A Tale of Two Dams: Comparing Ethiopia’s Grand Renaissance to Hoover
Once upon a time, massive dams were built on the US West’s mighty Colorado River, bringing scarce Depression-era jobs, water for farms, and electricity for industry. In the fairy tale version of the Hoover Dam story, everyone lived happily ever after. That’s the story that Ethiopia wants us to believe, as it tries to convince the world of the merit of its own “Hoover Dam”– the giant Grand Renaissance Dam, now under construction on the Blue Nile.
But in recent years, the Hoover story has been taking a turn for the worse. A changing climate is wreaking havoc with the largest dam in the United States. The huge dam’s reservoir, which has been dropping for over a decade, is now less than half full. The Colorado River no longer reaches the sea because of the large storage at Hoover and Glen Canyon dams.
Ethiopian engineers recently compared the Grand Renaissance Dam to Hoover as a project that can lift a struggling nation out of poverty, and a project whose accomplishments will go down in history. Yet the darker lessons from Hoover’s long history might be equally relevant for Ethiopia to review. Consider:
Shrinking electrical output: The Colorado River is in an extended drought, and is likely to see more “megadroughts” as the climate warms. Lower reservoir levels mean less electricity output from large dams. Already at record low levels, Hoover Dam could drop another 13 feet this summer. Researchers at the University of California in San Diego predict that Hoover Dam has a 50% chance of decreasing to a point too low for power generation by 2017, and an equally high chance of going dry by 2021.
Downstream Devastation: The Colorado River Basin has been transformed by its large dams, in both intentional and unintentional ways. Jacques Leslie, author of the remarkable book Deep Water, summarizes some of these impacts: “Take away the Colorado River dams, and you return the silt gathering behind them to a free-flowing river, allowing it again to enrich the downstream wetlands and the once fantastically abundant, now often caked, arid, and refuse-fouled Delta. Take away the dams, and the Cocopa Indians, whose ancestors fished and farmed the Delta for more than a millennium, might have a chance of avoiding cultural extinction. Take away the dams, and the Colorado would again bring its nutrients to the Gulf of California, helping that depleted fishery to recover the status it held a half-century ago as an unparalleled repository of marine life.”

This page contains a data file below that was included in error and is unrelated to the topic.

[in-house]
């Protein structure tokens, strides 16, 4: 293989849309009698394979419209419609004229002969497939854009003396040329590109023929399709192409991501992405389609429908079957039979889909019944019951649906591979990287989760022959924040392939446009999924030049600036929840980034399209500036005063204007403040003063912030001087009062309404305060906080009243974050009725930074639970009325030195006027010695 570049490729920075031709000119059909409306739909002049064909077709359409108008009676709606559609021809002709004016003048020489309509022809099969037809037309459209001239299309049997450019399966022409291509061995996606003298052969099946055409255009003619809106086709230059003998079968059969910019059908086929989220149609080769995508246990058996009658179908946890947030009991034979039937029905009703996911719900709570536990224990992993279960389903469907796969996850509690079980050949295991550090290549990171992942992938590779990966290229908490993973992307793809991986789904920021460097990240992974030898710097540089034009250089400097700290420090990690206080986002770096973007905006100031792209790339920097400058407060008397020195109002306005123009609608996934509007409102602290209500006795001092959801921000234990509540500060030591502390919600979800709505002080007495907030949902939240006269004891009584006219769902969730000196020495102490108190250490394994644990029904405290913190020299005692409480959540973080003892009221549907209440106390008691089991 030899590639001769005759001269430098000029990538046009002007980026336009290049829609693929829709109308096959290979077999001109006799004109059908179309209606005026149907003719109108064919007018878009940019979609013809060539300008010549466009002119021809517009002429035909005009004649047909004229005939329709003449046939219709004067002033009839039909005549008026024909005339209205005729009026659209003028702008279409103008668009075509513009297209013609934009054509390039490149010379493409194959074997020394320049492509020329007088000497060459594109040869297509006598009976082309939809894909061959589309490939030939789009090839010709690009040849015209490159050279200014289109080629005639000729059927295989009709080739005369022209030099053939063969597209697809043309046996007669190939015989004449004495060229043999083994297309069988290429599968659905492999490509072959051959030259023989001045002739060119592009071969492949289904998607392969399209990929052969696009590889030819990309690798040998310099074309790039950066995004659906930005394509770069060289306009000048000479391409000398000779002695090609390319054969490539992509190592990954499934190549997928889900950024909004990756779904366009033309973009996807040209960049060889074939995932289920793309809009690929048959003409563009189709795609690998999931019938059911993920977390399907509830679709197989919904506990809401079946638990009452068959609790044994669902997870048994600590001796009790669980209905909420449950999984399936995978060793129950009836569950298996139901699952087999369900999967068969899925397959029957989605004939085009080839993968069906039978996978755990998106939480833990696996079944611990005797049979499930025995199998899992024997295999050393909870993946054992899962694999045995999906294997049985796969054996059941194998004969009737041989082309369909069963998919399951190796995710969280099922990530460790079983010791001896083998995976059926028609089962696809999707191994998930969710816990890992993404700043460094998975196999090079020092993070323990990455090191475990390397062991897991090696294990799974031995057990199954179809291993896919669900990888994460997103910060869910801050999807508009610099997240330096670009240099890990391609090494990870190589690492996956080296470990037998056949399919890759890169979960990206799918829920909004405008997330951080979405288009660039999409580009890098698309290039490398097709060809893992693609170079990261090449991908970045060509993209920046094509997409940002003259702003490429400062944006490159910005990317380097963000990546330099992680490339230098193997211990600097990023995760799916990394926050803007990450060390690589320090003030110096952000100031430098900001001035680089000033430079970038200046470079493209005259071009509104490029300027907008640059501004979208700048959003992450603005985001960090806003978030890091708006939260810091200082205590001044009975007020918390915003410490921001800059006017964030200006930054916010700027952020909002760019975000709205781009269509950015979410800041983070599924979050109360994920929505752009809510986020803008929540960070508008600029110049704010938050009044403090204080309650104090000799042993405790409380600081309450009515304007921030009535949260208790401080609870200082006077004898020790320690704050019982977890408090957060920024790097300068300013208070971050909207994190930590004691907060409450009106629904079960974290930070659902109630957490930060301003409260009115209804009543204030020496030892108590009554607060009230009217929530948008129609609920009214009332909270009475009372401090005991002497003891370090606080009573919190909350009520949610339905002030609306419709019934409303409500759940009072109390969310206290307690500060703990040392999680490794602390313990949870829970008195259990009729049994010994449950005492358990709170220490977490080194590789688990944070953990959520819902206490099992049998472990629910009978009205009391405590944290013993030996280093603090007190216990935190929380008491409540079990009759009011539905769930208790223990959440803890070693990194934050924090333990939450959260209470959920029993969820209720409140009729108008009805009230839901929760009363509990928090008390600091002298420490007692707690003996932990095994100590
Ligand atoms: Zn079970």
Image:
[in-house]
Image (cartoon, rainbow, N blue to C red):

Competition for Water: Just as damming the Colorado has created winners and losers, it has also increasingly created tension over who gets to use its waters. The river is shared by seven states and two countries; other stakeholders include Indian tribes, farming interests, environmental groups and cities. Peter McBride, who has just published a book on the Colorado River conflict, says, “The big question is how we're going to address it and on whose shoulders that these are going to lie. Basically, it's going to be those who have money, those that can pay are going to get water.”
There some signs of cooperation in this saga: Mexico, home to the Colorado River’s delta (now mostly a dead zone), will once again see some water flow into its borders. A historic agreement signed in November 2012 commits both the United States and Mexico to deliver flow back to the Colorado Delta. The agreement calls for a five-year pilot program to increase water flows to restore the lower river and its delta, and increased water to Mexico during droughts. Although the amounts of water called for are less than American and Mexican environmental groups had argued for, they say it’s a good first step, and hope the agreement will become permanent.
Ethiopia is clearly hoping that its huge dam will make history. Yet it’s possible that the Grand Renaissance Dam will face similar problems as its American cousin, and go down in history for all the wrong reasons. If the dam does founder on the shoals of drought and water conflict, it will be harder for a poor nation like Ethiopia to recover. A thorough environmental impact assessment (EIA) might have turned up some answer, but we’re told the project’s EIA is woefully inadequate (it has not been published). The dam’s downstream impacts were so poorly addressed in the original EIA that conflict over the dam began even before an ounce of concrete was poured. Ethiopia finally agreed to allow experts from Sudan and Egypt to join a panel of experts mandated to look at the dam’s impacts on the downstream neighbors, but the process has been flawed and Egypt is calling for more complete studies on the downstream impacts (something that should have been done before construction was begun).
The Hoover Dam was built in a time when we didn’t fully understand the dire consequences of damming off major rivers. Today we do, and large dams such as Hoover would never be built in the US today. In fact, we’re taking down dams to help restore rivers and the communities they support. The megadam model is a dinosaur. Ethiopia would be better off leapfrogging over it to a more modern and efficient system, and find less provocative ways to assert its interests over the Nile waters.